Rules for the Digital Panopticon

The technologies of persistent surveillance can protect us only if certain boundaries are respected

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For centuries, we humans have lacked the all-knowing, all-seeing mechanisms to credibly predict and prevent bad actions by others. Now these very powers of preemption are perhaps within our grasp, thanks to a confluence of technologies.

In the foreseeable future, governments, and perhaps some for-profit corporations and civil-society groups, will design, construct, and deploy surveillance systems that aim to predict and prevent bad actions—and to identify, track, and neutralize people who commit them.

And when contemplating these systems, let’s broadly agree that we should prevent the slaughter of children at school and the abduction, rape, and ­imprisonment of women. And let’s also agree that we should thwart lethal attacks against lawful government.

Of late, the U. S. government gets most of the attention in this arena, and for good reason. The National Security Agency, through its vast capacity to track virtually every phone call, e-mail, and text message, promises new forms of preemption through a system security experts call persistent surveillance.

The Boston Marathon bombing, in April, reinforced the impression that guaranteed prevention against unwanted harm is elusive, if not impossible. Yet the mere chance of stopping the next mass shooting or terror attack persuades many people of the benefits of creating a high-tech version of the ­omniscient surveillance construct that, in 1787, the British philosopher Jeremy Bentham conceived as a panopticon: a prison with a central viewing station for watching all the inmates at once.

Some activists complain about the potential of such a system to violate basic freedoms, including the right to privacy. But others will be seduced by the lure of techno fixes. For example, how could anyone object to a digital net that protects a school from abusive predators?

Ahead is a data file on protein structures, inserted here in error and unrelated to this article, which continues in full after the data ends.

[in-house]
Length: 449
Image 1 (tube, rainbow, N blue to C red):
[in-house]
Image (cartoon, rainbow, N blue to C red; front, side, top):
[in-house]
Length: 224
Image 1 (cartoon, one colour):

Ad hoc surveillance will inevitably proliferate. Dropcam and other cheap surveillance programs, already popular among the tech-savvy, will spread widely. DIY and vigilante panopticons will complicate matters. Imagine someone like George ­Zimmerman, the Florida neighborhood watchman, equipped not with a gun but with a digital surveillance net, allowing him to track pretty much anything—on his smartphone.

With data multiplying exponentially and technology inexorably advancing, the question is not whether an all-encompassing surveillance systems will be deployed. The question is how, when, and how many.

In the absence of settled laws and norms, the role of engineers looms large. They will shoulder much of the burden of designing systems in ways that limit the damage to innocents while maximizing the pressures brought to bear on bad guys.

But where do the responsibilities of ­engineers begin and end?

It is too early to answer conclusively, but engineers would do well to keep a few fundamental principles in mind:

  1. Keep humans in the loop, but insist they follow the “rules of the road.” Compiling and analyzing data can be done by machines. But it would be best to design these surveillance systems so that a human reviews and ponders the data before any irreversible actions are taken. If citizens want to spy on one another, as they inevitably will, impose binding rules on how they do so.

  2. Design self-correcting systems that eject tainted or wrong information fast and inexpensively. Create a professional ethos and explicit standards of behavior for engineers, code writers, and designers who contribute significantly to the creation of panopticon-like systems.

  3. Delete the old stuff routinely. Systems should mainly contain real-time data. They should not become archives tracing the lives of innocents.

Engineers acting responsibly are no guarantee that panopticons will not come to control us. But they can be part of getting this brave new world right.

About the Author

G. Pascal Zachary is the author of Endless Frontier: Vannevar Bush, Engineer of the American Century (Free Press, 1997). He teaches at Arizona State University.

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